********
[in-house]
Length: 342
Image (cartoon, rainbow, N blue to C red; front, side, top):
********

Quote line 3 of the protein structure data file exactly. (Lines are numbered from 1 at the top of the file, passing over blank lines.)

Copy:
Image (cartoon, rainbow, N blue to C red; front, side, top):